Located at 1488 Mercy Dr., the 16.85-acre parcel has a 256 apartments across 29 one- and two-story buildings that date to 1973, and has been owned since 2012 by an affiliate of Global Ministries Foundation.
Millenia Housing has filed an Administrative Master Plan with the city of Orlando to build a new community building with fitness center and computer lab, and new amenities at the apartment complex that would include a basketball court, splash pad, laundry building, picnic pavilion and more, along with complete interior and exterior renovation of all the apartments.
The property would be renamed "Jernigan Gardens" and is estimated on the application as a $15 million project. The existing leasing office and police substation would also be demolished.
However, the entire deal is now in limbo because of the Republican-backed tax plan passed Thursday by the U.S. House of Representatives.
Financing for Millenia Housing's acquisition and renovation plans rely on private activity bonds that the GOP's House tax bill has eliminated, Crossman said.
"Elimination of this 4 percent tax credit program represents about 30 percent of the project's financing, and that's not something easily replaced," he added. "We're hopeful, because the Senate version of the bill retains this program."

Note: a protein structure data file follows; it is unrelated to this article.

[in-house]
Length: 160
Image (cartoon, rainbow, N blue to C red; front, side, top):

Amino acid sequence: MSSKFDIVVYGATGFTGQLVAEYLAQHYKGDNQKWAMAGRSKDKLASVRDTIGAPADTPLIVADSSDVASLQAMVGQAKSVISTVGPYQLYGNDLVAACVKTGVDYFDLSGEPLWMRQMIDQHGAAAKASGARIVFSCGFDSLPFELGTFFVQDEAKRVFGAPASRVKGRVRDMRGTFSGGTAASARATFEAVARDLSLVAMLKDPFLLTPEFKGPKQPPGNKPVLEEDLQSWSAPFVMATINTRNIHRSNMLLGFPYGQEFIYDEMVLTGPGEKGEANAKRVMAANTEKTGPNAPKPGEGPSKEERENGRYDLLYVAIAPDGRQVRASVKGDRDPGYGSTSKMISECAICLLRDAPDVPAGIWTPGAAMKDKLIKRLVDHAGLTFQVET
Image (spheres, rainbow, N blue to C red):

The publicly subsidized affordable housing complex of Windsor Cove has been the subject of many crime calls and code enforcement violations in recent years, before and after Global Ministries took ownership.
Local police once referred to it as "10 acres of hell," and in June 2016 U.S. Sen. Marco Rubio visited the property and called Global Ministries "slumlords," according to an Orlando Sentinel report at the time.
Global Ministries has received more than $4.7 million in federal susidies for Windsor Cove between 2012 and 2016, per the U.S. Department of Housing and Urban Development. Rubio called last year for federal investigations into the nonprofit owner.
A block north of this property, Jacksonville-based Ability Housing is also redeveloping three boarded up apartment complexes at 1740, 1742 and 1770 Mercy Drive into 166 new units for limited income families and homeless individuals.
Abatement and demolition of those buildings is underway, and Ability Housing expects to break ground on new construction in late First Quarter 2018, said Michelle Tappouni, property development director.